The Common cold is an infection caused when a virus enters your body through the nose or mouth and attaches to the lining in your sinuses, throat or bronchial tubes. Head and chest congestion, sore throat, sneezing, coughing and fatigue are some of the common symptoms. A cold typically lasts for three to seven days and can wear down your body’s resistance, making you more susceptible to bacterial infections. More than 200 viruses can cause a cold, which is the most frequent infection in the United States. The average person has two to three colds a year.
Common symptoms include a nasal stuffiness, nasal discharge and sneezing, A Watery eyes, a low-grade fever, a sore throat, a cough, aching muscles and bones, a mild headache, listlessness, and chills. The discharged mucus may thicken and become yellow or green.
Astragalus or Goldenseal may help boost the immune system response. However, the efficacy of Echinacea for treating colds was scientifically studied in a randomized, controlled trial published in 2002 in the Annals of Internal Medicine. Echinacea was no more effective at reducing the severity or duration of cold symptoms than sugar pill. Chamomile may act as an anti-inflammatory. Eucalyptus, fenugreek, horehound, licorice, hyssop or marshmallow may act as an expectorant by reducing mucus viscosity. Ginger or garlic may provide antioxidant protection. Slippery Elm may provide antioxidant protection because it contains bioflavonoids. Tea tree oil may relieve the symptoms of a sore throat. White Willow may act as an analgesic because it contains salicylic acid.
Vitamins and Supplements
Vitamin A, beta-carotene supplements, vitamin C or bioflavonoids may provide antioxidant protection as well as enhance immune system functioning.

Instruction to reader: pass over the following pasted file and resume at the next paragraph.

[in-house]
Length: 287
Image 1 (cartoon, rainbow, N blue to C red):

The chicken in chicken soup contains a protein called cysteine that is believed to help with respiratory infections by thinning out the mucus in the lungs. That may make coughs more productive. Any of the cruciferous vegetables (in solid or liquid form) such as broccoli may provide additional vitamin C to your system. Remain hydrated or filled with liquids because this will help replace fluids loss during a cold as well as flush out toxins or impurities that may be causing your symptoms.
Zinc may enhance the immune system’s response in fighting infections. The efficacy of zinc gluconate (13.3 mg of zinc) was compared with sugar pill at reducing the duration of cold symptoms. This study published in the Annals of Internal Medicine showed that zinc decreased the duration of cold symptoms from seven to four days when compared to placebo. The zinc lozenges had to be taken every two hours while awake for the duration of cold symptoms.
Many cough/cold combinations primarily treat symptoms, and these products may include any of the following: oxymetazoline, pseudoephedrine, dextromethorphan, aspirin, acetaminophen, ibuprofen, guaifenesin, iodinated glycerol, diphenhydramine, codeine, dextromethorphan. You can look for r a combination of the following: antihistamine, which may block the action of histamine causing increased nasal secretions; antitussives, which may help reduce coughing; decongestant which may help reduce nasal swelling and congestion; and analgesic, which may help reduce fever and pain.